Joanne Kam works with "Ong Bak" stunt team for "Grisse"
Writer: Florey DM
Joanne Kam plays a mamasan in "Grisse".
Previously we talked to producer-director Mike Wiluan about his upcoming HBO Asia series, "Grisse". Last month, we got to talk to the talents.
Joanne Kam Poh Poh is a name many of those who enjoy a hearty laugh or two would be familiar with. For her latest work with HBO Asia, the comedy queen of Malaysia decides to take on a role that's a little different than what she is used to.
Not only is it a more serious role, it even requires her to train with the "Ong Bak" stunt team just so she could do her own fight stunts!
Based on Cinema Online's chat with her on the set of "Grisse" in Batam, it sounds like the comedienne is thoroughly enjoying her role as a mamasan
named Chi, who runs the only brothel in "Grisse's" fictional "Nasi goreng Western
" world. [You know, like spaghetti Western but more Asian].
In the series, she partners up with Singapore's comedy actor Hossan Leong, who plays Chi's right-hand man, Zhengwei.
Joanne Kam and Hossan Leong dressed in their "Grisse" costumes.
Working on the series not only gave the comical duo the opportunity to use their talents in a different way, they also got to work with cast members from Australia, Indonesia, and Holland, to name a few.
Even though they had to learn to tone down their comical sides a bit (even former MTV VJ Jamie Aditya was guilty of being way too funny on set), Joanne and Hossan definitely did not mind their new non-comedy experience.
"Grisse", set in the 1800s within the colonial period of Dutch East Indies, tells the story of an unlikely group of people who suddenly find themselves in control of the eponymous town after leading a rebellion against a brutal governor.
Here's more of what Joanne Kam and Hossan Leong has to say about acting in "Grisse":
Cinema Online: Working on "Grisse" must be a new experience for both of you since you're more used to comedy works?
Joanne: It's a very different process because Hossan and I do a lot of theatre work and comedy shows. It's very rare to see us in different types of shows. But right now we've expanded our little box of talents to take on other stuff as well like stunt work, fighting, a bit of drama. It kind of feels very all-rounded.
I think being comedians, we can look at the script and we know which one to accentuate, if we want it to be funny. Of course, this is in line with what the director wants in the end.
Was this a challenging new environment for you then?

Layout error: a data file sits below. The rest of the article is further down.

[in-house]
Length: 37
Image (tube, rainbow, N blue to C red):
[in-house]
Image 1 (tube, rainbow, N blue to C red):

Joanne: At first it was challenging. Only because we tend to lift up our comedy side. So whenever we go on set, we do our lines and everyone laughs, and then the director tells us it's not a comedy. So it's a challenge, you need to find the same motivation but always remember that you're not supposed to be the clown.
Hossan: And then we had fight training and I thought "Yay, I can put my pole dancing days aside and now go into Kungfu fighting", and broke my tooth fighting, had it fixed. Quite a new experience for me.
We didn't get to see the duo do any stunts but we did get to walk around the set of "Grisse".
One of the important locations in the series.
You had to learn how to do fight stunts for this series?
Cinema Online, 09 June 2018
Joanne: On the first day, after briefing, I was already in fight choreography. As you can see my body "doesn't need" exercise so I don't really exercise at home. But then coming in, they introduced me to this Thai and Indonesian stunt team. They all worked in amazing movies before. I'm like "Oh my god, this is the stunt team from "Ong Bak"." I looked at them and went "Err...I don't even do Zumba, you know."
Then they make us do boxing and kicks, they were trying to assess what you can and can't do. What's nice is they don't force you to do what you can't do but they will strengthen what you can do to make it better to make the fight scene more believable. Like, I have more upper body strength because I have bigger arms so they'll use sequence like that. They'll try you with a sword, an axe [to find the right instrument].
Hossan: I never thought I would say this but thank goodness for National Service because I can fire a gun properly. I know what to do with it when they put it in my hand.
Sounds like this is a complete departure from your usual comedy roles?
Joanne: With me and Hossan, because we've played so many comedy roles, even in theatre we always have that comedy element. But what's nice is in [Grisse's] script, there's strong storytelling, even for both of us. We are not the comic reliefs. There will be funny tones of course throughout the show but we are not the comic reliefs.
Hossan: Ours is not comedy roles at all, the script is serious.
How did you prepare for your mamasan role, Joanne?
Joanne: For me, I watched a lot of movies with a saloon and every western movie has a brothel, every one. So I take my inspiration from there. There was another TV series that was particularly on brothel, it was about this bunch of ladies running a brothel and I watched how the mamasan was controlling her girls, what made it special, what made the girls listen to her.